Additionally, among other advantages of being on the register is the access it affords to the Commission and Parliament premises. “Lobby groups come in all shapes and sizes, they don’t all wear a big badge saying that they are lobbyist, [
] lobbyism can come in much more inconspicuous forms, like small gifts, trials or offers to familiarize MEPs and staff with the company’s products. MEPs can also be invited to dinners or roundtables and panels where business representatives can exert exclusive influence on a parliamentarian” says Freund, for whom the EU transparency register - for both the Parliament and the Commission - “is a great tool on paper, far too often, I see lobby groups make false or incomplete statements”.

The Commission’s opacity towards Parliament

There has been mounting criticism from the European Parliament itself with regards to the European Commission’s lack of transparency in its negotiations and contracts with pharmaceutical companies for the development and procurement of Covid-19 vaccines, information which it has received in dribs and drabs. “The vaccine procurement has been almost completely opaque, even for us parliamentarians”, Freund complains. This process is one of the latest major clashes between the two European institutions. “Negotiations were held behind closed doors and we don’t even know who exactly negotiated on behalf of the member states.”

The Government of Spain unilaterally declared that CĂ©sar HernĂĄndez, head of the department of medicine for human use at the Spanish Medicine Agency (AEMPS in Spanish) would be its representative. Meanwhile, the Belgian newspaper Het Laatste Nieuws published a report that Richard Bergström, ex-director general of the European Federation of Pharmaceutical Industries and Associations (EFPIA), would be Belgium’s representative. The Commission has refused to both confirm these names and disclose those of the representatives from France, the Netherlands, Germany, Italy and Poland. “The Commission cannot just take European taxpayers’ money into its hands and spend it without being held accountable,” states the MEP.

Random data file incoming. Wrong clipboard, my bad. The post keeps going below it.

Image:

”The vaccine procurement has been almost completely opaque, even for us parliamentarians”

Daniel Freund, MEP for the Greens

“The prices for vaccines have been publicly available for quite a while, and I think that was everyone’s priority,” says Andy Powrie-Smith, EFPIA’s Executive Director of Communications and Partnerships. “Most contracts are available online”, he states. However, this is only a half-truth. An oversight by the European Commission allowed access to certain details in the AstraZeneca contract that had been censored. Although the Health Commissioner Stella Kyriakides announced in January that MEPs could access the CureVac contract, a large part of it was concealed, according to Euroactiv. Pfizer and BioNTech also agreed to give them access; however, nothing has trickled down to the general public.

“It is crystal clear that the European Commission is not being transparent at all, which has worked very well for the pharmaceutical industry but not for democratic control”, claims Oliver Hoedeman from Corporate Observatory Europe. For years, this organisation has been exposing the role of interest groups in European institutions and last April, it published an investigation into lobbying by pharmaceutical companies. “The Commission treats MEPs like mushrooms: they are being kept in the dark and being fed dung. It is democratically unjust and also leads to a continuation of bad governance”, Hoedeman says.